You can try this by looking at the wall opposite you. Unless you have been thinking about redecorating, you will notice marks that, until now, you were unaware of. It’s not that photons from those marks never landed on your retina. They almost certainly did. It’s just that the brain discarded that data as unimportant.

As a practicing magician, I’m excited to see the world in general, and academia in particular, take a more serious interest in what we do. There’s a lot to read in the full article.

Why aren't there (again) more women in magic?

Sometimes ideas are just in the air and they keep bubbling up to the surface all a once. Following up on the spoken word piece I shared yesterday, Penn Jillette (of Penn & Teller) was recently interviewed in Vulture and part of their conversation was about women in magic and he shared the following:

Everybody that I know in magic got in before they were 10 and they have a huge affection for that scene of older men — it was always men — with cigars talking in the basement of a library about magic. I hated that. I didn’t get into magic in any real way until I was 19 and met TellerRaymond Joseph Teller met Jillette in 1974, and they began their trademark show in 1981. Teller normally does not speak in shows or in public, citing early magic shows at frat parties where bros paid closer attention when he was silent. . My whole life up that point was about dirty rock bands. And most of my friends in high school were girls. So the idea of a boys’ club that excluded them — which is what magic was — made me furious. Even now it fills me with rage that people ask if my son is into magic and don’t ask if my daughter is.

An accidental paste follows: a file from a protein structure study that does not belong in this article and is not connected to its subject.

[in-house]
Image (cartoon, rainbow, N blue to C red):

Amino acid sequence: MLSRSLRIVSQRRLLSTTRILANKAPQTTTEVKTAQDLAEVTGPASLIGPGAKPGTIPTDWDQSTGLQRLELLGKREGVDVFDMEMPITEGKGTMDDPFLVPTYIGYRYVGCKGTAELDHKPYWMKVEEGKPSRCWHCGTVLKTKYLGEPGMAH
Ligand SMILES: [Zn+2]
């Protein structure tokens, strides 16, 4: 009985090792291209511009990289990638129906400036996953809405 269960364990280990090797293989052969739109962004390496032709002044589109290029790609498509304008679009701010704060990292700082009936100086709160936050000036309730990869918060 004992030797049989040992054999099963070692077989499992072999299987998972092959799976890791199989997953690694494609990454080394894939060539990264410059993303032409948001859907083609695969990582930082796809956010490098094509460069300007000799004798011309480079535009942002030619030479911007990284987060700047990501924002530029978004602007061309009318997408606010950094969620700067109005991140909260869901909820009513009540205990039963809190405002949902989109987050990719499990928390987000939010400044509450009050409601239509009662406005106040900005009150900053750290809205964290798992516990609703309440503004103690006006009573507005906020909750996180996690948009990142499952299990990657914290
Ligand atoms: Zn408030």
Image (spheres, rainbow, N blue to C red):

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So the biggest trend I’m seeing in magic is what we saw in comedy 15 years ago, which is that the boys’ club is crumbling. Three years ago, it was maybe one girl every two years who would come up after a show and say she was interested in magic. Now it’s about three girls a week — 12-year-old girls with a deck of cards in their hands saying, “I’m going to be on
— Penn Jillette

You can read the full article at Vulture.

Asking Deep Questions

Most people think simple questions ought to have simple answers. But one of the things I learned studying math at the University of Toronto was that the longer the question, the easier it was to answer. But when the questions are short an simple, the answer is anything but. 

The late Richard Feynman, physics professor at Cal Tech and Nobel Laureate, exemplifies this perfectly when a journalist tries to ask him why magnets repel: